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Flickr Photos Yield Tourist Trails

Software uses images from millions of tourists to suggest ways for visitors to spend their time.

Tourists pondering how to spend their time in a large city could one day get help from a tool developed by researchers at Yahoo. It draws on the database of millions of photos uploaded to the site Flickr to generate detailed itineraries of what sites to visit, and in what order.

Holiday snaps: Software uses photos uploaded to Flickr to track visits to a city’s attractions.

“If I have two days to fill in Rome, say, the current state of the art is that I have to spend hours reading websites like Yahoo Travel and looking at online maps to come up with even a simple itinerary to fit the time I have,” says Munmun De Choudhury, who worked on the project with colleagues from Yahoo’s research labs in New York and Haifa, Israel, and is now at Arizona State University, in Tempe. “We thought, why not use the crowd’s wisdom?”

The tool works for five cities: Barcelona, London, New York, Paris, and San Francisco. To inform its suggestions, it extracted tourists’ movements between attractions in those cities from millions of photos uploaded to Flickr over three years.

Geolocation data and the tags added by users were used to determine and locate which attractions each user had visited, with reference to lists of attractions in the cities sourced from Yahoo Travel and Lonely Planet; the timestamps revealed how much time was spent at each attraction and how long it had taken to travel between them. Snaps from nontourists were excluded by only considering photos covering a span of time in a city shorter than a few weeks. Although the dataset used is not public, it would be possible to reproduce everything the tool does using the Flickr public application programming interface, says De Choudhury.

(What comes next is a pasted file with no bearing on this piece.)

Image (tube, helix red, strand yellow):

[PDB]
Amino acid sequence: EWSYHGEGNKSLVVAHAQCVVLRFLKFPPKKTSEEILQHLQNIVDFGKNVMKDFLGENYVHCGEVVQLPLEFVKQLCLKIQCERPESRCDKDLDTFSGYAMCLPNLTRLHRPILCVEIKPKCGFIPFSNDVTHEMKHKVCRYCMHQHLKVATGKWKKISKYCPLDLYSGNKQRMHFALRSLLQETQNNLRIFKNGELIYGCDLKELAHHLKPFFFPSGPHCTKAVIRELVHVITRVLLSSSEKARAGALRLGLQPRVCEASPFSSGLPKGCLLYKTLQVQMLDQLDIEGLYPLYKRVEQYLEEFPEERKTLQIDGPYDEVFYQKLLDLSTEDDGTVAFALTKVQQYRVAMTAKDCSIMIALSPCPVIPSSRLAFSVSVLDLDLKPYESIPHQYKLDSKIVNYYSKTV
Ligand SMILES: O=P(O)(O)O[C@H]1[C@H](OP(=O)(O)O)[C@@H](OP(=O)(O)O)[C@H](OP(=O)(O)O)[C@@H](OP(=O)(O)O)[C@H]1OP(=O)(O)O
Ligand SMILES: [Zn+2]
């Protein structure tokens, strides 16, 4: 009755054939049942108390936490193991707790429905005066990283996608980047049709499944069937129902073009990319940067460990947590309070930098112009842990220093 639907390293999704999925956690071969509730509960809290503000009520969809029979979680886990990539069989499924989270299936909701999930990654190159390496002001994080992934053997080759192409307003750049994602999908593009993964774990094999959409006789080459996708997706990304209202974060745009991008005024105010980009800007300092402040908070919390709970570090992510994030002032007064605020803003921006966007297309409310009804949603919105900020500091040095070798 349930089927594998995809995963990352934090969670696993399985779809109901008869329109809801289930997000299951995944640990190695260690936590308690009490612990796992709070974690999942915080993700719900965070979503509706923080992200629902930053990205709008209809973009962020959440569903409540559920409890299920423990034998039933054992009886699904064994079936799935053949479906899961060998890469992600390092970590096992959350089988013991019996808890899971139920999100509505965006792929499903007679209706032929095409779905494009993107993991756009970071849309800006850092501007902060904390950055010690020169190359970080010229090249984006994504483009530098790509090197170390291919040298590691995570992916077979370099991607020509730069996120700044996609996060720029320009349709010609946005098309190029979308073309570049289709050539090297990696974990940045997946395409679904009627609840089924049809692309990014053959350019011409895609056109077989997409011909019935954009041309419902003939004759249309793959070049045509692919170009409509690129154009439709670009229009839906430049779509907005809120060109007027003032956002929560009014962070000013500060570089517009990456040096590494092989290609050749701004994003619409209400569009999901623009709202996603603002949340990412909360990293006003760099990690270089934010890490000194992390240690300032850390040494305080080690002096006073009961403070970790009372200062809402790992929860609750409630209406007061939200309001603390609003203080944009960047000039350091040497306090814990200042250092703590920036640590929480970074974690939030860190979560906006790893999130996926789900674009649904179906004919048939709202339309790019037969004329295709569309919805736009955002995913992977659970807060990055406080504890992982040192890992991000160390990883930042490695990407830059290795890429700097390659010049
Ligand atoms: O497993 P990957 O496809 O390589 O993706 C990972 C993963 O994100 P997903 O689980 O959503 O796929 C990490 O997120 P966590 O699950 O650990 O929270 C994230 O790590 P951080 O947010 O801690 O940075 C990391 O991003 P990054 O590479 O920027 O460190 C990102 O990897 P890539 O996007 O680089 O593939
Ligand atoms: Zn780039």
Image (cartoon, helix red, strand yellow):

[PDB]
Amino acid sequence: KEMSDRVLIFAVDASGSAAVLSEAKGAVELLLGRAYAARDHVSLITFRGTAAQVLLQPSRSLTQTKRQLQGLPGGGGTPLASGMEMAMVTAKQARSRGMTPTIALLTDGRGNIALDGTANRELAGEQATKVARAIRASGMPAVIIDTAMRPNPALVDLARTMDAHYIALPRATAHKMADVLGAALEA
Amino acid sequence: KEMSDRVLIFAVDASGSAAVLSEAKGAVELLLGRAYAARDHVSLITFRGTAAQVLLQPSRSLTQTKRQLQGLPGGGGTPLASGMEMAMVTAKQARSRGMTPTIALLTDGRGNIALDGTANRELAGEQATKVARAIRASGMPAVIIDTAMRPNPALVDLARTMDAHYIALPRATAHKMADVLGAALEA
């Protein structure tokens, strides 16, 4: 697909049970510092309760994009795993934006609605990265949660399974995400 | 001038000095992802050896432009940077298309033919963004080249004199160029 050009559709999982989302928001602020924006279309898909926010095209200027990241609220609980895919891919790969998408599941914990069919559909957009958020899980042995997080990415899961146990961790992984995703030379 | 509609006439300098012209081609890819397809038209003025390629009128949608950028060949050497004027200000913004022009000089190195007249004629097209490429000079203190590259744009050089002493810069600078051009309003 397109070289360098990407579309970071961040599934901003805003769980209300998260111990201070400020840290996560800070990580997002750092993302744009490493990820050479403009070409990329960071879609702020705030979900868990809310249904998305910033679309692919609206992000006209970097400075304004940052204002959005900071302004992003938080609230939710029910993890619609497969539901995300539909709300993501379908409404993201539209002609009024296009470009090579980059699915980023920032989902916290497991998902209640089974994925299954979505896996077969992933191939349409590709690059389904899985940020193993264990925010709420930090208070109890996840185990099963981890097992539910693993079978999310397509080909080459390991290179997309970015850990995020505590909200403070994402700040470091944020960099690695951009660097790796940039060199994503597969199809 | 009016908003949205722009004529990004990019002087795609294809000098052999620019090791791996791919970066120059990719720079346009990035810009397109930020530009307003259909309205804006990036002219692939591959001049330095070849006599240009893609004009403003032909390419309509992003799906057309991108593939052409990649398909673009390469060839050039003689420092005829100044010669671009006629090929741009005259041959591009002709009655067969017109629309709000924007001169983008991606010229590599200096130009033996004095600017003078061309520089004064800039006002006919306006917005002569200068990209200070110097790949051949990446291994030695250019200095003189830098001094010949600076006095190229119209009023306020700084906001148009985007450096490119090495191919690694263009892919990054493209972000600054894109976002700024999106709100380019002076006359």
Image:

De Choudhury and colleagues developed a simple Web interface that can be used to automatically generate an itinerary to fill a specific number of days in a city. The Flickr data is used to fill the time available with visits to the most popular attractions and to specify the amount of time that should be spent at each. The order of visits is chosen to minimize travel time.

The quality of the results was tested by more than 450 users of Amazon’s Mechanical Turk site–a platform for paying large numbers of people to perform relatively simple tasks. To ensure that the people doing the judging knew something of the city in question, a screening step asked them to identify a photo of a relatively minor attraction from each city. For example, a photo of Pont Neuf was shown for Paris.

One test presented each participant (known as a “turker”) with two itineraries: one generated from the Flickr photos, and one sourced from a professional tour operator based in the same city. “Most people actually found our itineraries better than the professional ones,” says De Choudhury. “Seventy percent said that ours were significantly or somewhat better.”

A second test presented a single automatically generated itinerary alongside a professional one and asked a series of questions about the appropriateness of the suggested attractions, the time to be spent at each, and transit times between them. People scored both itineraries roughly the same.

Fabien Girardin, cofounder of Lift Lab, a technology research agency based in Switzerland, has also worked on extracting the movements of people from Flickr photos, using the results to evaluate the popularity of public artworks in New York. “They formalize this approach a little better and go full circle by actually starting to build what can be extracted into information that people can use,” he says of the Yahoo researchers’ work.

It should be possible to go further still, Girardin adds, by generating more interest-specific itineraries. “They talk about the general tourist, but there are many ways to see a city.”

De Choudhury says that adding personalization is a logical next step. “The current itineraries might be good if this is the first time you’re going somewhere, but of course some people might want to stay in galleries all day, or concentrate on historical sites,” she says. “Those kinds of personalizations are possible.”

Ultimately, though, says Girardin, not many people are likely ever to follow such directions to the letter. But that doesn’t mean they are not useful. “It’s like a weather report,” he says. “You combine the information with other things you see around you.”

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